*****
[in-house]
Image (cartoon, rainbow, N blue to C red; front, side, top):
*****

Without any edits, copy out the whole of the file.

[in-house]
Image (cartoon, rainbow, N blue to C red; front, side, top):